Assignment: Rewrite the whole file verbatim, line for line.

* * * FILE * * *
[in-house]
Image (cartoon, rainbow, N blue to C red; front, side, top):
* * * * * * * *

[in-house]
Image (cartoon, rainbow, N blue to C red; front, side, top):